Reductionism


We all want to reduce things in our life.  Oh, come on now, don’t be shy – we all know we have something to have a little less of. I could lose the body weight of my 4 year old daughter and still not look the way I was ..many years ago –  but I am digressing form the topic at hand.

Reductionism is the process of reducing something to its essence.  I mean all we want to do is get the best out of the foods we produce and make it the most concentrated version of that food.  Isn’t that what a sauce really is –  a stock that has been reduced to its basic essence.  Isn’t what cooking is all about in the first place?

When I am invited to a friend’s home for supper (and don’t worry this does not happen all the time) and they are cooking I like to try to get a peek into their process. We can all learn a thing or two every time we go out, so why not peek a bit and see if I have missed something spectacular. Hey, haven’t we all been surprised when a friend has dazzled you at the dinner table?

The first thing look at is how many pots on the stove have lids.  Now lids are very important pieces of kit – it helps keep things moist and it is important to keep most of the heat in when looking to make a pot of water reach the magic mark of boiling.

However putting a lid on a sauce like a Ragu a la Bolognaise would be tantamount to a cardinal sin. As adding any additional liquid other than what was used to flavor the sauce in the first place is the opposite of the result we want to achieve in the first place.

I wrote, nearly a decade ago, a piece called Saucy by Nature and it was a good explanation on how to use reducing a liquid to make a basic pan sauce.  It is one of my favorite things to do watch the endless process of liquids evaporating and concentrating flavors to make something magical.  I have always equated the process of sauce making with alchemy.  it is turning all the “burned bits” into the element that makes a simple meal turn into the most elegant of occasions.

The French have  saying about sauces – “An ounce of sauce hides a multitude of sin” – they are right.  I have witnessed first hand the evils of over saucing a poorly cooked protein.  Hey, it happens. But the ultimate sin would be to undo the beautiful art of reductionism.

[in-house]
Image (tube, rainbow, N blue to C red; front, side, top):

Here endith the lesson.

The One Shot:  Papa’s Pier 17


“Dpapa-s-pier-17on’t judge a book by its cover” is a pretty good adage to apply to the restaurant industry.  We see all sorts of gadgets and gizmos and doo-dahs to get the punters through the door.

Some work extremely well – like the mecca of molecular gastronomy in Chicago, Alinea.  Dine on smoke and foam and puffs of scent.  Dining becomes theatre as well as a destination of choice.

Others are kitschy at best and at worst it becomes a distraction. IPad as menu, dining in the dark or even rube Goldberg machines that serve your food  surely make it a fun time but it begs the question –  is the food any good?

Enter Papa’s Pier 17.

When I was a little boy – and this was not yesterday – it was THE destination after a concert. The Arts and Culture Centre is around the corner from Papa’s Rowan Street location. It used to be that very few restaurants were open late and when you have a carload of hungry musicians and kids – Papa’s Place (as it used to be called) was a special place to be.

I remember as a kid I could go in and be greeted as I came in through the door. It was always neat as a pin and the chairs (which I think are still used to this day) mimicked the twirly chairs we just left while sitting in the box seats of the ACC. I can’t comment on the menu as it used to be but when talking to my dad, he reckons that Papa’s was as authentic Greek as we were going to get in the city.

Fast forward nearly 30 years and things have changed a lot.

When you look in the windows of the restaurant on Rowan Street they are filled with mechanical toys, this season dressed as traditional mummers.  The animatronic figures turn their heads and twirl a bit. It is possibly the most entertaining part of the experience.

We had an early reservation as we have a small child.  This sort of planning ahead is not uncommon for people who like to go out to dinner.  Seated in the main dining room we were in the middle of the action with the waiter and waitresses scuttling about around us.